DC Direct's Batman: Black & White line is one of the longest running collectible lines of all time and with the new Todd McFarlane statue now in stores, it’s clear the popular line isn’t going anywhere. So, to pay tribute to all of the artists and fans who have worked on or supported the line, let’s look back on Batman: Black & White’s start and all of the other amazing statues which have led up to this moment.

The first statue in the line arrived in 2005, Batman by Eduardo Risso (above), and would set the tone for what the line was to become—a collector’s line which combines DC’s most popular superhero with individual artists’ interpretations. This idea is the basis of what DC Direct was and is all about—melding classic characters with unique art designs.

Fast forward a bit now to 2009. It was a big year for the line, as 2009 saw not only Batman: Black & White’s 25th statue hit stores, Batman by David Mazzucchelli, but it was also the first year a character other than Batman appeared in the line. This was The Joker by Jim Lee (below). Ironically, this character proved to be even more popular in sales than Batman himself, and opened the door for other characters from Gotham to make their debut in the line, such as Brian Bolland’s Penguin, Steve Rude’s Catwoman and Kelley Jones’ Bane.

The 50th statue in 2013 was a gravity-defying piece by Sean Murphy. Murphy would go on to create two more statues for the line in 2019. One year later, in 2014, the line’s most popular statue in history would be revealed, and ironically it was not Batman! Bruce Timm’s Harley Quinn is the best-selling statue in the line so far. Since the original statue’s release, this piece has not only been turned into a 12-inch Designer Series Statue, but also a life-sized 1:1 scale statue.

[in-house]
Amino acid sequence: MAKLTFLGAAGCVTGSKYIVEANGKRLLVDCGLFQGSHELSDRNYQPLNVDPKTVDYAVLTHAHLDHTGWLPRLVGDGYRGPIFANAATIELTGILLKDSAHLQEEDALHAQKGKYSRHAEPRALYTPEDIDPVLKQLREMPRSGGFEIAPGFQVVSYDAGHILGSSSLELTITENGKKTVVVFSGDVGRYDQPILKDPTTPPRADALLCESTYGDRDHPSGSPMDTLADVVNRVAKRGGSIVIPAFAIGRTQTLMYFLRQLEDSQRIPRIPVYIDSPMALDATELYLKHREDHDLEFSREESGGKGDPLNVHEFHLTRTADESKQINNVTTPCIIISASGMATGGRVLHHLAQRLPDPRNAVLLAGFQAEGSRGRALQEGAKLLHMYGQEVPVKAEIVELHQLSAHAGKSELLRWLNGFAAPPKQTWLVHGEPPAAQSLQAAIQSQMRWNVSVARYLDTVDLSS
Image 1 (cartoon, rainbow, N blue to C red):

The Joker appeared again as statue #75, based on the art of popular artist, Frank Miller, continuing the character’s popularity within the line.

Other heroes from Gotham eventually joined the ranks of Batman: Black & White as well such as Batgirl with designs by Babs Tarr and Bruce Timm. Robin appeared with designs by Carmine Infantino and Frank Quitely. Perhaps one of the most popular of these heroes, however, is Nightwing by Jim Lee, based on his designs from Hush. This statue also got turned into a 12-inch DC Designer Series Statue.

Over the past 15 years, the Batman: Black & White line has endured because of its breadth and variety of art styles and the enduring popularity of its subject and his world. The line celebrates all manner of artists and artistic interpretations, from the cartoonish Sergio Aragones at #39 to the unique roller-blading Batman by Kim Jung Gi. Recently announced are a new Armored Batman by Frank Miller, a Hush Batman by Jim Lee and a fearsome Batmonster by Greg Capullo, making it clear that the line shows no signs of stopping at 100 statues.

The Batman: Black & White line has proven that something as simple as two colors and one character can inspire almost two decades worth of collectibles. It’s a line that continues to endure and will hold a special place in display cases for Batman fans for many more years to come. We invite you now to take a look at the full collection of Batman: Black & White statues from one to 100 in a special graphic display below. Which ones do you own?

To discover how Todd McFarlane's Batman: Black & White Deluxe Statue came together, click here.

Amanda Levine writes about DC Direct, Young Adult comics, cosplay and the DC Universe in general for DCComics.com.